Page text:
I wrote a book about stroke recovery. I wrote it because I have been involved in stroke recovery research for a decade and I have learned a thing or two. Writing a book was easy because there is plenty to report on. Researchers from around the globe are adding their voice to an ever expanding ball of knowledge. And that ball, like much of science, is not perfect. It is misshapen and complicated and hard to visualize all at once. Part of this is because there are many different sciences involved. Input from neuroscience, physiatry, biomedical engineering, physical and occupational therapy and others makes the whole ball hard to conceptualize. But what is emerging from all these complexities are remarkably simple concepts.
I have come to a few basic conclusions about stroke recovery. Here is a list of core principals that can be used by any stroke survivor to promote recovery.
-Recovery is hard work. If it’s easy, you’re doing it wrong.
-The absolute foundation of recovery from stroke is neuroplastic rewiring of the brain.
-What drives recovery are relatively simple concepts that have been used by athletes (and other hyper-skill learners), since the beginning of time.
-Recovery is best served by
    1. Repetitive practice of movements…
    2. …that are related to a task or tasks…
    3. …that is/are important to the stroke survivor and that are practiced…
    4. …many hours a day…
    5. …and are made more challenging as skill is acquired.

Electrical stimulation can be used to help stroke survivors recover in many ways including:

  1. Keeping soft tissue (including muscle, blood vessels and nerves) elongated
  2. Jump starting movement in survivors who have little or no movement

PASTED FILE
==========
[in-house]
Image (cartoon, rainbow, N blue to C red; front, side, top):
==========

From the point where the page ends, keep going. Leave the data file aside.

3. Reestablishing sensation in survivors who have sensation loss
  4. building strength in muscles that are not quite ready to move on their own
  5. Stroke survivors should stretch more than they do.
  6. Stroke survivors should “bank” (develop a reserve of) cardiovascular (heart/lung) and muscular strength.
  7. Measuring recovery from stroke is essential to recovery from stroke. During different periods of recovery can accelerate, slow and stall. During the slow and stall periods—periods when most survivors give up—measuring small improvements is necessary. A bunch of small improvements = large improvement.
  8. You have to do it yourself (DIY). This DIY concept is essential in 2 ways:
  • Only you can rewire your brain.
  • If you have to rely on therapists and other clinicians to reach you highest level of potential recovery, you’ll run out of time and money before you’re done.
Focus on 2 things;
    1. Making sure that you are not allowing soft tissue to shorten. If it shortens permanently, it doesn’t matter how much “recovery” you get, the joint will not be able to move.
    2. Driving brain rewiring change towards recovery. How do you know if your brain is changing? A “Yes” to the following questions will help determine if you are rewiring your brain:
    • Are your limbs moving better?
    • Can you feel your limbs more?
    • Is your balance getting better?
    • Is your hand able to grasp wider objects?
    • Are you walking faster?
    • …and much more will tell you if you are rewiring your brain. Remember, the foundation of relearning movement is changes in the brain, not in the limbs. Although the limbs get credit, it’s the brain moving those limbs. The limbs tell us what is going on in the brain.
The basics of recovery from stroke are simple. The work required is difficult. Recovery from stroke, even years after the event, is available to any stroke survivor. The key is to bring your focus and power to your own quest for recovery.